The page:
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I am wondering what methods are used by big companies to protect customer email addresses in their databases. They usually have salespeople all over the world and multiple third-parties (Salesforce, transactional emails, etc.) also need to access the data and need to be able to send emails to customers, making regular encryption methods not really practical.

I am working on a project where we will have to store and interact with a large amount of customers via email and I can't find a solution other than storing their email addresses in plain text in order to be accessible to third-parties and our salespeople. But that doesn't seem very compliant and safe as a data leak could create a serious impact for our customers (phishing, use it to login, etc.).

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  • I'll let you on a secret, big companies rarely care about it. Sales people pretend they don't have any email addresses and excel files are flying around on intranets.
    – nethero
    Jun 25 at 13:20
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As schroeder says, if there is a requirement for people to have access to that data then grant them that access. However its quite trivial to add in an anonymization tier that maps any email address to a local email address then provision a forwarding service at the receiving end of the generated address which forwards to the intended recipient. Gumtree, for example, does this. However it can be rather irksome.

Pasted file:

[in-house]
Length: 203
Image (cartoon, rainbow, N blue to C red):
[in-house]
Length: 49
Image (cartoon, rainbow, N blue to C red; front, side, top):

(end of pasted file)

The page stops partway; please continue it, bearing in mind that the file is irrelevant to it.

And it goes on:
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You need to identify your threats and risks (risk assessment, threat analysis etc.) to identify how an attacker might steal the information, and what that would mean for your organization (what is the business impact). You mention "all over the world", which makes your case a little special. It means that you should be aware of security and privacy regulations around the world. For example in Europe (GDPR) an email address is considered personal information, in other countries that may not be the case. Any personal information has to be protected with adequate measures. Encryption is one of them; if you have good reason not to have encryption, then you must enhance other measures to compensate for this, and analyze the risks. You must consider the 3 security parameters: technology (encryption, perimeter security, keys management etc.), processes (what people do, roles, access control, audits, reviews etc.) and people (awareness, training, exercises, inside attack etc.).

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The controls required are about granting appropriate access. Just like any data, you want to authenticate users/processes that need legitimate access, audit it, and be able to revoke access. Bonus points for only allowing access to the specific data required by the user/process to perform their approved function.

This is no different from the basics of any file system or database: